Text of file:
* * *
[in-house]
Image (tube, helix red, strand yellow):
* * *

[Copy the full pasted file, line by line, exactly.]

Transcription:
[in-house]
Image (tube, helix red, strand yellow):